Leonis Peter Chuc | AspenTimes.com

Leonis Peter Chuc

Contributed report
Aspen, CO Colorado

Leonis Peter Chuc, 90, died peacefully March 21, 2008, Good Friday, at his home near Aspen Glen with his majestic moun­tain, Mount Sopris, beautiful as ever, looming in the distance outside his living­room window.

Leonis was born March 17, 1918, (St. Patrick’s Day) in Basalt to Peter and Josephine Chuc. He grew up in Basalt with his sister Amelia and brother Caesar, and graduated from Basalt Union High School in 1936.

Leonis married Neva Smith on Feb. 6, 1944, in Glenwood Springs. To this union three girls, known as the Chuc girls, were born: San­dra, Joan and Deborah. Neva was a loving and devoted wife and an integral part of the ranching ethic and legacy.

Leonis is survived by his wife of 64 years, Neva; daughter Sandra McCabe (Leroy) of Palisade and her children Mishcha McCabe of Palisade and Michael McCabe of Ottawa, Ontario, Canada; daughter Joan Telinde (Harv) of Glenwood Springs and her children Nicole Rockey (Sheldon) of Center, Colo., Tara Seeman (Mike) of Rifle, Tim Telinde (Donna Kay) of Garden City, Kan., and Matt Telinde (Mary Ann) Norfork, Va.; daughter Deborah Chuc of Silt and her children Cory Collins and Chad Collins, both of Silt. He is also sur­vived by 10 great-grandchildren The Chuc story began when Leonis’s father came over from Aosta, Italy, by boat, in 1909. His father settled in Leadville, engaged in hard-rock mining. In 1911, his father purchased a ranch near Basalt, which began a lifetime of ranching and farming for the Chuc family.

In 1928 his father purchased another ranch, this time near Carbondale, which is now part of the Aspen Glen complex. In 1929, the Great Depression came and went with the Chucs still intact.

In 1939, his dad sold the Carbondale ranch to Leonis at the tender young age of 21, beginning his own ranching/farming career.

In 1950, his brother Caesar, along with his father, purchased a ranch adjacent to Leonis, which is now part of Aspen Glen.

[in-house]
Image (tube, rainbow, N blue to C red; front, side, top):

At one time, the Chucs owned three ranches ” one in Basalt and two in Car­bondale. The Chucs had a ranching ethic that was second to none ” no one did it better ” as they raised cattle and grew hay, potatoes and grain. Weeds were hard to come by as the ranches were groomed like most people to groom their own 20-­by-40-foot garden spots.

Along with his ranching duties, Leonis also served as one of seven original board of directors creating what then was called Bank of Glenwood in 1959.

Leonis’s work ethic with regard to his ranching lifestyle might have been summed up in the following “St. Patrick’s Day” poem: “May the road rise to meet you! May the wind always be at your back! May the sun shine warm your face! May the rain fall soft upon your fields! And, until we meet again, may God hold you in the palm of ‘his hand.'” It was indeed fitting, as Leonis passed to the other side, a light gentle rain began to fall on what once was the fields of his beloved ranch!

A visitation will take place at 9 a.m. Wednesday, March 26, at St. Stephen’s Catholic Church in Glenwood Springs. A rosary will take place at 9:30 a.m. and mass at 10 a.m. Father Cliff will officiate, and burial will be at Rosebud Cemetery following the service.

In lieu of flowers, donations can be made to the Roaring Fork Hospice; P.O. Box 1970, Glenwood Springs, CO 81602.